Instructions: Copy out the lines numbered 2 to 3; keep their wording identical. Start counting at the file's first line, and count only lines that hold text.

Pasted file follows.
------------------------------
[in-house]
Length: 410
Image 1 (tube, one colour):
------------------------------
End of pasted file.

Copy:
Length: 410
Image 1 (tube, one colour):